Re: Blame the faulty drivers of dangerous machinery. 4WDs most dangerouson road

Discussion in 'Australia and New Zealand' started by fasgnadh, Oct 24, 2005.

  1. Noddy

    Noddy Guest

    "Theo Bekkers" <[email protected]> wrote in message
    news:[email protected]

    > You get that when you build on a 20,000 sq metre block, with a 25 metre
    > minimum set-back. The house is 75 metres from the front fence. I use ten
    > litres to mow the front yard.


    I hope it's a ride on.

    I'd also be having a mini bike to get the mail :)

    > In the garage so I don't have to reverse anywhere?


    Yeah. Sounds like you've got the room.

    > I no longer have kids at home so only have to worry about running over the
    > chooks. Even they are smart enough to get out of the way.


    Unlike cats that enjoy sleeping on a warm engine :)

    --
    Regards,
    Noddy.
     


  2. Noddy

    Noddy Guest

    "Resound" <[email protected]> wrote in message
    news:[email protected]

    > Well you've seen how we dress, right?


    Yeah, I have, and I've always found it strange.

    I mean, is there some unwritten law somewhere that states week-end bike
    riders *must* get dressed up like a packet of licorice allsorts, or is it
    just because they're "special"? :)

    --
    Regards,
    Noddy.
     
  3. Noddy

    Noddy Guest

    "Resound" <[email protected]> wrote in message
    news:[email protected]

    > Ok I lost sight of the "banning vehicles" concept because I never really
    > advocated it myself to start with. I was approaching it more from an
    > "oversized vehicles are a bloody menace and this is one reason why" point
    > of view. I hopped into this particular thread because it's much more
    > rewarding and productive to discuss this with people who sit on the other
    > side of the fence. When this sort of thread appears on aus.bicycle we
    > preach to the converted, pat each other on the back and continue as we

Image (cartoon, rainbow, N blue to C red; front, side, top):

> were. It's all very cathartic but doesn't really achieve much.


    That sums up newsgroups pretty well :)

    > More specific to what you were saying, I don't recall using the term
    > "sedan". If I did, it wasn't meant to be a focal term.


    It wasn't directed at you personally, but the anti-4wd club in general.

    "Sedan" is an often quoted alternative to a 4wd, yet it's about as equally
    descriptive as "4wd" in terms of describing particular vehicles.

    > My point was that in the context of the study in question, the Commodore
    > was an aberration with regards to other passenger cars and rearward
    > visibility and therefore to point at it and say "Look...it's a car and
    > it's MUCH worse than plenty of 4WDs!" is not particularly relevant.
    > Someone (Birdman, I think) took an example which happens to perform
    > exceptionally badly in this test and then held it up as being generally
    > representitive of the type. It's clearly not and therefore, in this
    > instance and for the purposes of this discussion and more specifically the
    > point being made at the time it's an aberration and so, by definition,
    > *not normal*.


    I certainly agree that it's an exception in the main, however it *does* show
    that "sedans" aren't the be all and end all in this regard.

    I also mentioned in another post that I don't find the Falcon to be any
    better, and would also suggest that rear visibility is as much a driver
    dependant thing as the vehicle itself.

    > *inhales*
    >
    > By most other criteria it's a pretty normal car, if something of an
    > unnecessarily fat bastard. We're the only western country in the world
    > other than the US which thinks that a 1500kg+ car is "normal". It's bloody
    > well not.


    Lol :)

    I agree entirely.

    --
    Regards,
    Noddy.
     
  4. Noddy

    Noddy Guest

  5. dave

    dave Guest

    Spear and Magic Helmet wrote:
    > dave wrote:
    >
    >>You either look for bikes and see em.
    >>Or you don;t and don;t

    >
    >
    > Just like you either look for 4WDers driving with due courtesy/manners
    > and see em, or you don't and don't. :)
    >


    truesy We dont notice the good ones. Its just the way it is

    But on this subject we were down at chapel st last night. Watched Ms
    Rav4.. do a u turn.. screw it up.. nearly back into a tram. Then drive